# AP Statistics Changed My Narrative

Like many of the kids I grew up around, my parents had always geared me toward a math-based education; and like them, I’d always ask myself, “What’s the point of this?” I guess it’s a way to push us toward a lucrative career: such as finance, medicine, or engineering, but sometimes, there’s simply no need for us to implement the quadratic equation in real life. Nonetheless, I was good at math. I liked the patterns of math, which made it easy to navigate.

My parents pushed me to be good at math after noticing I started finding interest in conspiracy theories, or anything unrelated to math. And like many other parents, mine wanted me to grow into a math career. More importantly, they wanted me to understand the finer details of the world, and math best reflected that. My mom taught me the concept of negative integers and fractions on the way to school when I was only six, and my dad only expected me to do math homework and nothing else.

Then, they enrolled me in Kumon, and while the institution does have a bad reputation for their emotional turmoil on children, it helped me get ahead for a while. My math teachers knew that I wasn’t supposed to be in their class, based on how I’d finish the problem for the class because my teachers couldn’t do mental math at my speed. I learned polynomial equations at the age of 11, and by the time I was a freshman, Kumon had me learning the basics of calculus. I quit the program in my sophomore year because I hated the trigonometry-focused Level M.

My high school was a magnet college preparatory school, meaning that everyone was presumed to be academically well-rounded and hardworking people. With a vast set of extracurriculars and after-school programs, everyone was bound to be a part of at least two significant activities. Because of the amount of math I did as a child, I wanted to follow the STEM route. I went through the engineering program for two years and tried to put myself in coding programs outside of school. But I physically could not sit there for hours and get a website assignment or a house calculation completed.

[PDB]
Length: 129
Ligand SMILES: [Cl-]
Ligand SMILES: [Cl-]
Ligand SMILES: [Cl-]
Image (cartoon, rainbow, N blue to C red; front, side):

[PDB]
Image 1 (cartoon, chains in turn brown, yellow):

I noticed other kids at my school in the same programs, including the CREATE mentoring program, Mathletes, or MESA, and I would admire them, mostly for the way they could apply the math they learned, in addition to their creative and innovative talent that I didn’t have. My peers knew what they wanted to do in their life, and had high hopes for a lucrative career. That was the difference between those kids and me — while all of us were good at math, they were able to make something pioneering, whereas I could only follow instructions on how to integrate.

I know I’m not the only one who feels like this, as AP Calculus AB tested everyone’s math performance. Kumon set me up for the class quite nicely — I breezed through the course, getting a 4 on the exam. For a lot of my peers who took the class, however, it was a nightmare. By the time the exam came around, no one expected a free-response question this difficult, nor did anyone expect to apply the calculus we learned to such a complex scenario. I earned my 4 on the exam, but it wasn’t a 5. That was the moment I decided I would rather take AP Statistics next year for a change. From my friends who took Calculus BC, it was rather brutal, even for those who did pretty well in AB. I was frightened of it, too.

I peeped into the Calculus BC classroom, and it was the MESA, Mathletes, and engineering program kids, along with those who were forced to take the class. This was when the divide between those who were good at math and those who had creative talent with math was evident. At first, I felt ashamed, mainly for the way that certain BC students were pretentious enough to paint AP Stats as the “coward’s way out” of real math.

After many failed tests and calluses on my fingers from AP Stats, I soon realized that it was not the “coward’s way out.” The main difference was that statistics is analytical, which was much different from the logical calculus I was acclimated to. It wasn’t fair for anyone to claim it as the “easier” math when it truly is its own subject.

Weeks flew by of being ashamed of how I felt I couldn’t prove myself, and sulking about how I should’ve taken BC; I eventually grew into appreciating statistics — that analyzing data, conducting research, and communicating problems was something of its own. I stopped desiring to be the one who yearned to fulfill the “Woman in STEM” role, rather, taking the classes that I found interest in, which were more applicable to me.